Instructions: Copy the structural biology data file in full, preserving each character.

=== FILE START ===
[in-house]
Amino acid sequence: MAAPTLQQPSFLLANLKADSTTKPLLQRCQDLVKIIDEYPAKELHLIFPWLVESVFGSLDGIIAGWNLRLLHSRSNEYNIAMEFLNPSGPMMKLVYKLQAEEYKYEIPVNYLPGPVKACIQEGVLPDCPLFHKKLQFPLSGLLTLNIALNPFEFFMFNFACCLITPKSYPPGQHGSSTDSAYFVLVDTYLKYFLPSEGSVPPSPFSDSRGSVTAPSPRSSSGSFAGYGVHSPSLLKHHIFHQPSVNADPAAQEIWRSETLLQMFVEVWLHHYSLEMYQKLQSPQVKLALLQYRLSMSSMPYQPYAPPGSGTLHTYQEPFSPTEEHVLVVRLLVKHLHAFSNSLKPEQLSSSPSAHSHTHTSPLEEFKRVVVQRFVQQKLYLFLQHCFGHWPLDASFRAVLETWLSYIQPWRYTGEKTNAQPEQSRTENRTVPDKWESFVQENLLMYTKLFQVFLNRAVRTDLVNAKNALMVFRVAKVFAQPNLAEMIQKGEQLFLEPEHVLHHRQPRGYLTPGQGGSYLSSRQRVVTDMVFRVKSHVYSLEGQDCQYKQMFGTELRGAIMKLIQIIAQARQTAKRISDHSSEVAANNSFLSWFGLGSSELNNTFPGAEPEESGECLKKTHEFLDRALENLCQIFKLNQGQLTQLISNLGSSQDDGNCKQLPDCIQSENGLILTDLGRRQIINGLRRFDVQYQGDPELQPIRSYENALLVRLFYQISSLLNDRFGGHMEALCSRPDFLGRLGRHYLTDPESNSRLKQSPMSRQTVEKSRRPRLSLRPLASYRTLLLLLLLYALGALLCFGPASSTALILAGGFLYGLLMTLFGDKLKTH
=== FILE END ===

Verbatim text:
[in-house]
Amino acid sequence: MAAPTLQQPSFLLANLKADSTTKPLLQRCQDLVKIIDEYPAKELHLIFPWLVESVFGSLDGIIAGWNLRLLHSRSNEYNIAMEFLNPSGPMMKLVYKLQAEEYKYEIPVNYLPGPVKACIQEGVLPDCPLFHKKLQFPLSGLLTLNIALNPFEFFMFNFACCLITPKSYPPGQHGSSTDSAYFVLVDTYLKYFLPSEGSVPPSPFSDSRGSVTAPSPRSSSGSFAGYGVHSPSLLKHHIFHQPSVNADPAAQEIWRSETLLQMFVEVWLHHYSLEMYQKLQSPQVKLALLQYRLSMSSMPYQPYAPPGSGTLHTYQEPFSPTEEHVLVVRLLVKHLHAFSNSLKPEQLSSSPSAHSHTHTSPLEEFKRVVVQRFVQQKLYLFLQHCFGHWPLDASFRAVLETWLSYIQPWRYTGEKTNAQPEQSRTENRTVPDKWESFVQENLLMYTKLFQVFLNRAVRTDLVNAKNALMVFRVAKVFAQPNLAEMIQKGEQLFLEPEHVLHHRQPRGYLTPGQGGSYLSSRQRVVTDMVFRVKSHVYSLEGQDCQYKQMFGTELRGAIMKLIQIIAQARQTAKRISDHSSEVAANNSFLSWFGLGSSELNNTFPGAEPEESGECLKKTHEFLDRALENLCQIFKLNQGQLTQLISNLGSSQDDGNCKQLPDCIQSENGLILTDLGRRQIINGLRRFDVQYQGDPELQPIRSYENALLVRLFYQISSLLNDRFGGHMEALCSRPDFLGRLGRHYLTDPESNSRLKQSPMSRQTVEKSRRPRLSLRPLASYRTLLLLLLLYALGALLCFGPASSTALILAGGFLYGLLMTLFGDKLKTH